The Lakeland Mirror

Sizemore named new chaplain

Leah Ulatowski

Chaplain Robert Sizemore

Leah Ulatowski, Staff Reporter

Pastor Robert Sizemore was named Lakeland’s new chaplain a mere few months ago, and while his new office is a bit disorganized as he waits for new shelves to be put in,  it is clear the chaplain’s thoughts lie elsewhere as he gazes out the windows of the room and observes, as well as prays for, the busy lives that bustle by.

“I’m really excited to be here,” Sizemore says. “I have an incredible love for Lakeland, its students, faculty, and staff. Lakeland’s mission motivates and inspires me.”

Despite having been an adjunct professor in Lakeland’s religious department since 2007, it seems Sizemore is still a new name to most on campus. He has, however, unknowingly ignited curiosity concerning his denomination. Lakeland is affiliated with the United Church of Christ (UCC), and Sizemore is a pastor affiliated with the Christian Reformed Church (CRC).

In any case, Sizemore has many friends who are UCC pastors, and Sizemore says they have expressed their excitement for both him and the college in his appointment as Chaplain. While his roots lie in the CRC, he affirms his love for the UCC and shares that he would eventually like to seek ordination into the latter or dual standing. This, however, is not a critical matter.

“Denominational connection is not at all crucial to me,” said Sizemore. “I view myself as more multidenominational; I don’t prefer a specific ‘flavor’ of Christianity. But I realize it is an issue of concern for people, so I want to resolve it as quickly and as best I can.”

Sizemore’s personal beliefs as a multidenominational Christian are that Jesus Christ died and rose from the grave to save humanity, as well as that the Christian Bible is true and provides instruction for one’s life. Specific doctrinal intricacies are nonessential to him.

While a significant part of his mission is to enhance ties with the UCC church, he celebrates the campus’ spiritual diversity.

His desire is not to evangelize for a specific denomination, nor to boost any specific doctrines, but rather serve as a spiritual reminder, presence, and—ultimately—counsel.

He believes the spiritual aspect of Lakeland is as important as the activities in the classroom or on the sports field.

“If we are made up of mind, spirit, and body, then to neglect one third of our being puts us at a point of weakness that we don’t have to accept,” Sizemore says.

He is glad to guide students with inquiries regarding any expression of faith. He will eagerly seek out persons and literary resources that will aid the student on his personal path to spirituality. He believes no faith should be neglected and stresses the importance that all must grow.

He also desires to advance the Spiritual Life Council on campus. He hopes the group will live by the idea that it is normal to speak of spirituality and that it is abnormal to isolate oneself or be closed toward others because of it.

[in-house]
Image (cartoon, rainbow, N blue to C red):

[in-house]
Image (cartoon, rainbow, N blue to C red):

Thus, two significant aspects of his job are to work with students to advance such groups and also to serve as a spiritual counsel on campus.

Sizemore should have no difficulty relating to students—he was once a confused college freshman doing poorly in all his first semester courses. He was at the time nominally Catholic, but generally not very interested in faith. His life was forever changed when tragedy struck.

He was friends with a very kind campus cook named Diane. She was a spiritual lady and proved to be a wonderful mentor to him.

He was intensely grieved when she died suddenly of a medical complication despite being only about fifty years old. Because of her kindness to him and the suddenness of her passing, he questioned how something of this nature could happen and grappled with the tragedy of it all.

He had many questions about life, death and the afterlife. Since Diane was a religious woman, he also became curious about God and wondered if a spiritual source could answer his questions.

Fortunately, his campus had spiritual resources quite similar to Lakeland’s, and the kind people there were more than willing to help him explore his inquiries and learn more about spirituality.

With their aid, he made sense of his questions and ultimately regained a passion for faith, one so strong that he would eventually give up his intended major to instead pursue ministry. Sizemore believes his story exemplifies the extreme usefulness of spiritual campus resources.

“I had heard stories about God and Jesus,” said Sizemore. “But it wasn’t real until then. I realized that faith is a real thing, and it shapes how we look at the world in even our worst moments. Somehow we can derive incredible strength when we recognize the presence of God around us.”

Sizemore sympathizes with students, their problems, and questions.

“Humanity is humanity; our specific interactions, sufferings, meanings, and struggles change from generation to generation, but the questions we ask are the same,” Sizemore said.

 

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Leah Ulatowski, 2015 Executive Editor

Leah Ulatowski is a senior majoring in writing with minors in criminal justice and English literature. She started working for The Mirror as a freshman...

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